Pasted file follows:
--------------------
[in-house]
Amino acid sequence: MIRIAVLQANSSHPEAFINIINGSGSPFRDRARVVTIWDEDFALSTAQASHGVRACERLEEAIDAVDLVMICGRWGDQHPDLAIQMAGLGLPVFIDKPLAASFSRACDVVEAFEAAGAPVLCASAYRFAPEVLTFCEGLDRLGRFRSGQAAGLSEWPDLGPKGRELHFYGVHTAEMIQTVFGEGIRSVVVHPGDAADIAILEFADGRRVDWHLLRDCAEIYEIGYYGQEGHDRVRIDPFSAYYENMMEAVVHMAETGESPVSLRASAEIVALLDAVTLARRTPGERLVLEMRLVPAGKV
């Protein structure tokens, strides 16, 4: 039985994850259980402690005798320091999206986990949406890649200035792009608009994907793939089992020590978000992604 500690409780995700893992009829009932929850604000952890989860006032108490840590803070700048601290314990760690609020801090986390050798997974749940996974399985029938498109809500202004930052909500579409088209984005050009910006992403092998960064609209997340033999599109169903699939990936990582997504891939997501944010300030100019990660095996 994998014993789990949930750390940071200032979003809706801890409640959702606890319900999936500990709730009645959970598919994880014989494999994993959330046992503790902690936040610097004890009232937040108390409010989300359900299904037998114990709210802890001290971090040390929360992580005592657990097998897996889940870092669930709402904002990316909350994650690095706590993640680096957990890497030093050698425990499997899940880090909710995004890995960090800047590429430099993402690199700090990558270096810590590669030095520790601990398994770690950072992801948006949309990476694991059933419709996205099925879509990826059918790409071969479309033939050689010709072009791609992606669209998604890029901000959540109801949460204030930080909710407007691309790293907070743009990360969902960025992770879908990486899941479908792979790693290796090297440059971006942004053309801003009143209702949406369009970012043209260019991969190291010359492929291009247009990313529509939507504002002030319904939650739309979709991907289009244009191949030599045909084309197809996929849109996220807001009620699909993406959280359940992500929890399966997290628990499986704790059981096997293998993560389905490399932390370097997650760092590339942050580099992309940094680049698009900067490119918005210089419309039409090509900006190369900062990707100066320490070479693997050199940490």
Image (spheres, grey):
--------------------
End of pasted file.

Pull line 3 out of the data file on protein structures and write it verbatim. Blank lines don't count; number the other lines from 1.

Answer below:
């Protein structure tokens, strides 16, 4: 039985994850259980402690005798320091999206986990949406890649200035792009608009994907793939089992020590978000992604 500690409780995700893992009829009932929850604000952890989860006032108490840590803070700048601290314990760690609020801090986390050798997974749940996974399985029938498109809500202004930052909500579409088209984005050009910006992403092998960064609209997340033999599109169903699939990936990582997504891939997501944010300030100019990660095996 994998014993789990949930750390940071200032979003809706801890409640959702606890319900999936500990709730009645959970598919994880014989494999994993959330046992503790902690936040610097004890009232937040108390409010989300359900299904037998114990709210802890001290971090040390929360992580005592657990097998897996889940870092669930709402904002990316909350994650690095706590993640680096957990890497030093050698425990499997899940880090909710995004890995960090800047590429430099993402690199700090990558270096810590590669030095520790601990398994770690950072992801948006949309990476694991059933419709996205099925879509990826059918790409071969479309033939050689010709072009791609992606669209998604890029901000959540109801949460204030930080909710407007691309790293907070743009990360969902960025992770879908990486899941479908792979790693290796090297440059971006942004053309801003009143209702949406369009970012043209260019991969190291010359492929291009247009990313529509939507504002002030319904939650739309979709991907289009244009191949030599045909084309197809996929849109996220807001009620699909993406959280359940992500929890399966997290628990499986704790059981096997293998993560389905490399932390370097997650760092590339942050580099992309940094680049698009900067490119918005210089419309039409090509900006190369900062990707100066320490070479693997050199940490």